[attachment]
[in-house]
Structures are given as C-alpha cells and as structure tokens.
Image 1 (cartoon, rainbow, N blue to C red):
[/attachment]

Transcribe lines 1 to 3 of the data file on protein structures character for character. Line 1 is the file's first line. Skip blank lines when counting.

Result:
[in-house]
Structures are given as C-alpha cells and as structure tokens.
Image 1 (cartoon, rainbow, N blue to C red):